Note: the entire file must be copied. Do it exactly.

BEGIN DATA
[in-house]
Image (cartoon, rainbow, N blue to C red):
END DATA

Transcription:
[in-house]
Image (cartoon, rainbow, N blue to C red):